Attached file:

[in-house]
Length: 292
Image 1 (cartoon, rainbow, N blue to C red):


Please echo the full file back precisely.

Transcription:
[in-house]
Length: 292
Image 1 (cartoon, rainbow, N blue to C red):